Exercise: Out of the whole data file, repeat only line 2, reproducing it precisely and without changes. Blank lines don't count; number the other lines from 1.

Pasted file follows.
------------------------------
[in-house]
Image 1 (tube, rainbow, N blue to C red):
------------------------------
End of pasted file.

Image 1 (tube, rainbow, N blue to C red):